57. Nugent AC, Milham MP, Bain EE, Mah L, Cannon DM, Marrett S et al (2006). Cortical abnormalities in bipolar disorder investigated with MRI and voxel-based morphometry. NeuroImage 30: 485–497. | Article | PubMed | ISI |
  58. Nunez PL, Srinivasan R, Westdorp AF, Wijesinghe RS, Tucker DM, Silberstein RB et al (1997). EEG coherency. I: Statistics, reference electrode, volume conduction, Laplacians, cortical imaging, and interpretation at multiple scales. Electroencephalograph Clin Neurophysiol 103: 499–515. | Article |
  59. Rosenblum MG, Pikovsky AS, Kurths J (1996). Phase synchronization of chaotic oscillators. Phys Rev Lett 76: 1804. | Article | PubMed | ISI | CAS |
  60. Salvadore G, Cornwell BR, Colon-Rosario V, Coppola R, Grillon C, Zarate CA Jr. et al (2009). Increased anterior cingulate cortical activity in response to fearful faces: a neurophysiological biomarker that predicts rapid antidepressant response to ketamine. Biol Psychiatry 65: 289–295. | Article | PubMed | ISI | CAS |
  61. Salvadore G, Cornwell BR, Sambataro F, Latov D, Colon-Rosario V, Carver F et al (2010). Anterior cingulate desynchronization and functional connectivity with the amygdala during a working memory task predict rapid antidepressant response to ketamine. Neuropsychopharmacology 35: 1415–1422. | Article | PubMed | ISI |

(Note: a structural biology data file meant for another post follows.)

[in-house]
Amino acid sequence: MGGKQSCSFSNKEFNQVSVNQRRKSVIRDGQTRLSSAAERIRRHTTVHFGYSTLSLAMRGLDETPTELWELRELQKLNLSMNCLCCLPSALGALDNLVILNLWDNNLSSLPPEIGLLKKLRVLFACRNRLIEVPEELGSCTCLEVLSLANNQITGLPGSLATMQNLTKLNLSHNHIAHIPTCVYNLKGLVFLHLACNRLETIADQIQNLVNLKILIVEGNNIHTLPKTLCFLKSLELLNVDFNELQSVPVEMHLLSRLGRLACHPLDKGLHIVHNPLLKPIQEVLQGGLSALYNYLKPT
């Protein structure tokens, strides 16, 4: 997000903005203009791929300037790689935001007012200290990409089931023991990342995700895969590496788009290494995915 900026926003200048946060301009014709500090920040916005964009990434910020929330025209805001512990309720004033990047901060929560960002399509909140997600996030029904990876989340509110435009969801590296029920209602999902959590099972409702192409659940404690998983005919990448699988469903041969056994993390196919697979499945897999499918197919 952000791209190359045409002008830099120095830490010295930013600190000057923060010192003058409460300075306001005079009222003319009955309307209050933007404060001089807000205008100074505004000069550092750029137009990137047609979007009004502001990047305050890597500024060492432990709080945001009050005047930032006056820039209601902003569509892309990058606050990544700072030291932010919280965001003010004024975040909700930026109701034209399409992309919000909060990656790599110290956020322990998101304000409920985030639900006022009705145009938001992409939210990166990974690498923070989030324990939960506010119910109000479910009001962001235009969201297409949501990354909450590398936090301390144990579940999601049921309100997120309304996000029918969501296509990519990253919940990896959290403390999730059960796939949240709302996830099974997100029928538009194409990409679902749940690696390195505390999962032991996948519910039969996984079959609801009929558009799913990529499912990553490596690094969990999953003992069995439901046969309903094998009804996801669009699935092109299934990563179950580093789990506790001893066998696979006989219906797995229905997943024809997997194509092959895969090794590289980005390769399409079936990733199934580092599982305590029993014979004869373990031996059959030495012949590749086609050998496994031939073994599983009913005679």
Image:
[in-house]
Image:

62. Sartorius A, Kiening KL, Kirsch P, von Gall CC, Haberkorn U, Unterberg AW et al (2010). Remission of major depression under deep brain stimulation of the lateral habenula in a therapy-refractory patient. Biol Psychiatry 67: e9–e11. | Article | PubMed |
  63. Schlaepfer TE, Bewernick BH, Kayser S, Madler B, Coenen VA (2013). Rapid effects of deep brain stimulation for treatment-resistant major depression. Biol Psychiatry 73: 1204–1212. | Article | PubMed |
  64. Schlaepfer TE, Cohen MX, Frick C, Kosel M, Brodesser D, Axmacher N et al (2008). Deep brain stimulation to reward circuitry alleviates anhedonia in refractory major depression. Neuropsychopharmacology 33: 368–377. | Article | PubMed | ISI |